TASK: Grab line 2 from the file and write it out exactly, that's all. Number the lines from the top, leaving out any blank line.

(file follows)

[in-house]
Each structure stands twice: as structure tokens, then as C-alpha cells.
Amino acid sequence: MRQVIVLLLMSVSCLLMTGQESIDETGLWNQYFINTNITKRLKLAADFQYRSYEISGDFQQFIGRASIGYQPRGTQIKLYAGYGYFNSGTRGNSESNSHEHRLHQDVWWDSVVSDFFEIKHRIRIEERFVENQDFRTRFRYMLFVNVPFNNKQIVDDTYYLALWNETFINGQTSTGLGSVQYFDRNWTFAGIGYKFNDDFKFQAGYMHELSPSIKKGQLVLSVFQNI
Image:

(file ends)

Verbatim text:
Each structure stands twice: as structure tokens, then as C-alpha cells.